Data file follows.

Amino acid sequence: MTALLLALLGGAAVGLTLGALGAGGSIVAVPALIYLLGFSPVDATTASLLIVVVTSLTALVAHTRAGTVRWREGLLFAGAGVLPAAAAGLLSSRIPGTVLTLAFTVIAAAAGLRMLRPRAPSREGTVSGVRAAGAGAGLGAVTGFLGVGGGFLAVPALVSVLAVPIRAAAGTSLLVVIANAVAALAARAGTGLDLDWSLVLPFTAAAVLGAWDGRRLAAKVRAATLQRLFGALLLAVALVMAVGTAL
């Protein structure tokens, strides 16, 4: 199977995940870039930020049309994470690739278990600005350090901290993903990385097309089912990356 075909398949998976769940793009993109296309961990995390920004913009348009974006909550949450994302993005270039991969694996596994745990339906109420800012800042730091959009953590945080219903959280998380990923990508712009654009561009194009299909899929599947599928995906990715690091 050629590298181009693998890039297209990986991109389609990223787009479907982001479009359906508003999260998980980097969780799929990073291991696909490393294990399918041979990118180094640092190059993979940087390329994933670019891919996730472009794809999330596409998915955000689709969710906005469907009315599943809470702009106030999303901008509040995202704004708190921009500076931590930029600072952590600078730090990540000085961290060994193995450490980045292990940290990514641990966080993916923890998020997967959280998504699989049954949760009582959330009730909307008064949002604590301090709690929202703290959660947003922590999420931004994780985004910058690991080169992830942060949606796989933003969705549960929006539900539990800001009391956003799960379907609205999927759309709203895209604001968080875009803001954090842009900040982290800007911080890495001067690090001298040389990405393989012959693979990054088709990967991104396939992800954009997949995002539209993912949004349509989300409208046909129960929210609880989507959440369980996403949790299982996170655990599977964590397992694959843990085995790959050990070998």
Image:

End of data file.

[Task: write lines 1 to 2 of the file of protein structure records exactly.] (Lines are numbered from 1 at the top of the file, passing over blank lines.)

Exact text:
Amino acid sequence: MTALLLALLGGAAVGLTLGALGAGGSIVAVPALIYLLGFSPVDATTASLLIVVVTSLTALVAHTRAGTVRWREGLLFAGAGVLPAAAAGLLSSRIPGTVLTLAFTVIAAAAGLRMLRPRAPSREGTVSGVRAAGAGAGLGAVTGFLGVGGGFLAVPALVSVLAVPIRAAAGTSLLVVIANAVAALAARAGTGLDLDWSLVLPFTAAAVLGAWDGRRLAAKVRAATLQRLFGALLLAVALVMAVGTAL
């Protein structure tokens, strides 16, 4: 199977995940870039930020049309994470690739278990600005350090901290993903990385097309089912990356 075909398949998976769940793009993109296309961990995390920004913009348009974006909550949450994302993005270039991969694996596994745990339906109420800012800042730091959009953590945080219903959280998380990923990508712009654009561009194009299909899929599947599928995906990715690091 050629590298181009693998890039297209990986991109389609990223787009479907982001479009359906508003999260998980980097969780799929990073291991696909490393294990399918041979990118180094640092190059993979940087390329994933670019891919996730472009794809999330596409998915955000689709969710906005469907009315599943809470702009106030999303901008509040995202704004708190921009500076931590930029600072952590600078730090990540000085961290060994193995450490980045292990940290990514641990966080993916923890998020997967959280998504699989049954949760009582959330009730909307008064949002604590301090709690929202703290959660947003922590999420931004994780985004910058690991080169992830942060949606796989933003969705549960929006539900539990800001009391956003799960379907609205999927759309709203895209604001968080875009803001954090842009900040982290800007911080890495001067690090001298040389990405393989012959693979990054088709990967991104396939992800954009997949995002539209993912949004349509989300409208046909129960929210609880989507959440369980996403949790299982996170655990599977964590397992694959843990085995790959050990070998």